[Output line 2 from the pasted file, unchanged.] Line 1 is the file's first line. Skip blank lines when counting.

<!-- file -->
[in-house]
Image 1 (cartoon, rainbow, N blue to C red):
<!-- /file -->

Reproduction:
Image 1 (cartoon, rainbow, N blue to C red):